For 110 years — from 1904 until 2014 — DeRobertis Pasticceria served Italian pastries, cakes, cookies, and breads on the corner of 1st Avenue and 11th Street in New York City's East Village. A great many people were disappointed to see it close, including author Jaya Saxena who included the pastry shop in her new book, The Book of Lost Recipes: The Best Signature Dishes From Historic Restaurants Rediscovered. Below is an excerpt, a story of Saxena's memories of the shop as well as a brief history of its entire existence. Here too is a recipe for the pasticceria's beloved struffoli, a Neapolitan fritter not unlike a doughnut hole, that's finished with a dusting of festive rainbow sprinkles.
Available for pre-order now, The Book of Lost Recipes goes on sale next week.
I have my own stories about DeRobertis Pasticceria. One is that, for a summer, I worked at a rival pastry shop across the street. It was slightly heartbreaking, as I had always split my business between the two, hoping to keep both alive in the face of my neighborhood's ongoing gentrification. I worried I'd aligned myself against a place I loved. Then one afternoon, a customer came into my pastry shop asking for pignoli, the traditional Italian pine-nut cookie. We were all out, but before she left, the owner stopped her. "Go across the street to DeRobertis" he told her, "they make 'em great over there."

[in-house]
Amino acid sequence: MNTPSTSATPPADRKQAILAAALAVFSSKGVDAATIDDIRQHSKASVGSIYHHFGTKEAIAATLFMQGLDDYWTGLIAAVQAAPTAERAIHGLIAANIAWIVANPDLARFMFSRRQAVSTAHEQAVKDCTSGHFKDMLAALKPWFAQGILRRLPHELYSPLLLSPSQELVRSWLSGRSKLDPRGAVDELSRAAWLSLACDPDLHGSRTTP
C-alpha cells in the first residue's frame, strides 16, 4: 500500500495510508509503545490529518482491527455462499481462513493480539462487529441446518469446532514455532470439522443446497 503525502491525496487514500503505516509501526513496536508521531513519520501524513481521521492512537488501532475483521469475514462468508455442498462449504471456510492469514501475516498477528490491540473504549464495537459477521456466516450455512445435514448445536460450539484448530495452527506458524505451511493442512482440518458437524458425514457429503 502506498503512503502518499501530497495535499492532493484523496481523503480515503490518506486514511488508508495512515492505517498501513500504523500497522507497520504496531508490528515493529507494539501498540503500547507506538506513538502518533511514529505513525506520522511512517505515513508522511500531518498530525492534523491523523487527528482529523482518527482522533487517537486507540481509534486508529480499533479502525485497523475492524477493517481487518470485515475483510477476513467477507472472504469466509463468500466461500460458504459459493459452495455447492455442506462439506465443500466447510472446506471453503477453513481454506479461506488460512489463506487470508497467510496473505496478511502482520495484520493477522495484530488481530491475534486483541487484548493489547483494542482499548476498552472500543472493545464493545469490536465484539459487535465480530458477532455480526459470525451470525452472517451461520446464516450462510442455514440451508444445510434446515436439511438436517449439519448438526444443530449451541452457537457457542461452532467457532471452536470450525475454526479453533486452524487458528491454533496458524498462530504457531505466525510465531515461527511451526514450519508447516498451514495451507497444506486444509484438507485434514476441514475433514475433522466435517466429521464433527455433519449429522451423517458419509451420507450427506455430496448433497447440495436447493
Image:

DeRobertis Pasticceria was an old-world pastry shop that managed to survive over 100 years without turning into a parody of itself. It didn't beat you over the head with Italian-American tradition, selling you an overhyped glimpse into the neighborhood's past. What it sold you were really good pastries, baked with care and quality, and served with really good espresso and gave you a wire chair in a tin-ceilinged, tile-floored room in which to enjoy them. It was founded by Paolo DeRobertis, an immigrant from the Bari region of Italy, who originally sold espresso and anisette toast out of a storefront on East 12th Street. In 1904 he rented a bigger space on 1st Avenue between 10th and 11th Streets, and began making more cookies, pastries and ices.
Paolo's son, John, soon took over the business, and in the 1940s he bought the building, securing the pasticceria's future. "If we were subject to someone else's rent increases, we would have never survived," said John DeRobertis Jr.,64 who eventually took over for his father, and worked to keep the tradition alive while still catering to changing palates, serving sfogliatelle beside croissants, cannoli next to cheese Danish. But no matter the changes, it was always a family business. "When I was a kid, we lived above the store, and my parents were down there working all the time," he told me. "When it'd get busy down there, they'd knock on the steam pipe with a knife, and my brothers and I would fight over who had to go down and help. But still, we helped. We had a sense of pride about the place."